Sunday, November 01, 2009

A Really Spirited Village We Live In

The trials of the Pendle witches in 1612 are among the most famous witch trials in British history. Some of the twelve accused and charged with the murders of ten people by use of witchcraft lived in the area around Pendle Hill, which can be clearly viewed from our home here in Whalley. The prosecutor during the trials is now buried in our village’s graveyard.

Instead of handing out candy to the young Halloween trick or treaters knocking at our front door, Sarah and I decided to participate in something a little different last night. Led by local historian Simon Entwistle, we joined other people from throughout the local area on a ghost walk through Whalley. By the end of the evening we learned that in addition to being one of the more desirable places to reside in the Ribble Valley, our otherwise quaint and tranquil village is also a hotbed of documented paranormal activity.

Along with pints of ale, spirits are freely poured within the four pubs located in Whalley. What we didn’t know is that spirits of the supernatural variety have been long-time residents in two of them. The Bishop of Blackburn has unsuccessfully attempted to exorcise The Swan of the ghost of barmaid Mary Lane who committed suicide after her illegitimate child was taken from her. Immediately across the street, the spirit of a white-clad monk mischievously turns off keg lines leading up from the cellar to the beer taps at the De Lacy Arms. This same monk has also been spotted at the ruins of nearby Whalley Abbey, while the apparition of an attractive young nun is regularly observed strolling along the lane outside the abbey’s walls, as well as coming inside and visiting the past and current owners of one of the adjacent homes. An angry poltergeist has also repeatedly broken the windows of the building which houses the village’s Indian restaurant, to the point where local glazers now refuse to return to make repairs. Add to this the ghostly sightings of two young boys who walk along the tracks of our landmark brick railway viaduct, plus the horse-riding phantom of one of notorious highwayman Dick Turpin’s associates, which was once overtaken and "run over" by a crew of firefighters speeding towards an emergency call.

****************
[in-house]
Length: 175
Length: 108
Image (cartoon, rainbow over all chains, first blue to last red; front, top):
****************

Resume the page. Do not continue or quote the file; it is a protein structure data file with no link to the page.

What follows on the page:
Sarah and I wrapped up this spirited evening walking back to the warm comfort of our home while sharing a mushroom and cheese pizza between us. What was that? Did you hear that? Only some autumnal leaves, rustling behind us in the night-time breeze. Or was it?

1 comment:

Aimee said...

Sounds like it was a fun evening! I hope I can make a visit and you can take me to all your local haunts ;-)